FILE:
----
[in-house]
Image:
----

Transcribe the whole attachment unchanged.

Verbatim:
[in-house]
Image: